300 attend celebration of Diwali in Merrimack

MERRIMACK – Shazia Mujeeb slowly inscribed the young hand of Elisha Shah, tracing the intricate geometry of a henna design.

Elisha, 7, of Nashua, attentively watched Mujeeb create a temporary ink tattoo that was like India itself: beautiful, intricate and interwoven from many parts.

On Saturday, those parts came together at Merrimack High School for a Diwali celebration sponsored by the India Association of New Hampshire and attended by more than 300 people, mostly Indian-Americans.

Diwali is a festival of lights, a sort of new year’s celebration in the Hindu calendar and the commemoration of the triumph of a Hindu god-king over a demon.

It’s a festival celebrated for two weeks on the subcontinent. In New Hampshire, it marks an occasion for the state’s sizeable and disparate Indian population to join together in song, dance and traditional food.

“India’s society is a diverse culture,” said Manoj Chourasia, a member of the state association, which was founded in 1989.

The nation is made up of various groups that differ according to ethnicity, religion and region. There are 25 languages spoken in India, Chourasia noted, and religions beside Hindu include Christianity, Islam and Sikh.

“There are a lot of different groups. Here, we are trying to address all of them. This type of cultural program brings everybody together,” he said.

It also helps the children of Indian immigrants, like Elisha, stay in touch with their roots.

“We come here pretty much every year,” said her mother, Kruti Shah.

She came to the United States from Bombay. In India, she spoke three languages: Hindi, the official national language; Marathi, the official language of her state; and her ethnic “mother tongue,” Gujarati.Shah and her husband, Pankaj, brought their three children to the Diwali festival. Elisha is the middle child. The oldest, Saniya, 10, performed in one of the traditional dances at the celebration. The youngest, Rikhav, 4 months, was held cradled against his mother’s shoulder, taking in as much as he could of the festivities with his infant eyes.

Attending Diwali is vital for her children to learn about their roots, Kruti said.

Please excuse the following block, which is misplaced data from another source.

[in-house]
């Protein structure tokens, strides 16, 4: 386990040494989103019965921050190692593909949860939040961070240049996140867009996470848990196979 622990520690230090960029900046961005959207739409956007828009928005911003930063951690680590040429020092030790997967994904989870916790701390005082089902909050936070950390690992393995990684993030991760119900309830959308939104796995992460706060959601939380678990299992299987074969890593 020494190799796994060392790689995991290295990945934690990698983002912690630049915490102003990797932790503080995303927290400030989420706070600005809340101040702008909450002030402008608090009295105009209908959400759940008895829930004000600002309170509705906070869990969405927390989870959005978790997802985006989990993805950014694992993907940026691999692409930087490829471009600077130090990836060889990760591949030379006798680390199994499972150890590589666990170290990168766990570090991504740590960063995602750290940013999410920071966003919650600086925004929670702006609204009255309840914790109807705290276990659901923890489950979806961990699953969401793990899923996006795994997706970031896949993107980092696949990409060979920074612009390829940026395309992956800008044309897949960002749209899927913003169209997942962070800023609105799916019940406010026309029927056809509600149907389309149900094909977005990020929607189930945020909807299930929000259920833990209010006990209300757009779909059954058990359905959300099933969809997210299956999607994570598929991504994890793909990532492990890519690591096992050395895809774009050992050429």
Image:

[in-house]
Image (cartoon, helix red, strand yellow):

“I just want them to learn the traditions,” she said. “None of our family members are here (in the United States). This is the only way they’ll learn the Indian culture.”

For instance, without experiencing henna herself, how else will Elisha know it’s an important part of a bride’s ritual in preparing for marriage? Or that two days before her wedding, a young woman is marked with an intricate henna design extending from her fingertips to halfway up her forearm.

The darker the design remains on her wedding day, the more her husband loves her.

Cultural insights like these can’t be fully appreciated by reading a textbook. That’s why Denise Dowling brought a handful of students to the festival from Shortridge Academy, a boarding school in Milton for teens struggling with situations at home.

Students read Indian authors in a world cultures class. Dowling wanted to take that lesson a step further and have students to experience a little of India by attending the Diwali festival.

“It helps to experience it at least a little bit,” said Jack Devlin, an 11th-grader from Baltimore. “It’s more realistic.”

The festival was attended by people from throughout New Hampshire and northern Massachusetts. Half of the state’s Indian population lives in Nashua, noted Tej Dhakar, a professor at Southern New Hampshire University.

Manchester also has a sizeable population, and Merrimack was picked as the site for the festival because it lies between the two cities, Dhakar said.

The festival also included booths that sold traditional jewelry or art, or provided information.

At a booth sponsored by Dartmouth-Hitchcock Clinic, Dr. Sanjay Patel handed out information from the American Diabetes Association – and written in Hindi.

“A lot of older people come here from India, and to try to explain to them what they need is difficult,” Patel said.

A highlight was a long buffet table of traditional food, heavy on spicy curry sauces and vegetables and rice.

For dessert, gulab jamun was offered. It’s essentially a doughnut hole coated with ricotta cheese, dry milk and butter, and then deep fried and dipped in a syrup.

As lines for food snaked through the packed high school cafeteria, John Mullikin of Auburn finished a plate of curry vegetable and rice. It’s a type of ethnic food he has grown to know well in the 11 years he has been married to Anu, the daughter of one of the festival’s founders. Only the food his wife cooks at home isn’t quite so spicy, he said.

“Actually, from when I started going to Indian festivals, I used to be the only – what am I?”

“American,” his wife answered.

In this crowd, however, Americans of European descent were a minority, but a prominent minority.

“Now, it’s getting more and more diverse through the years,” Mulliken said.

“Which is a good thing.”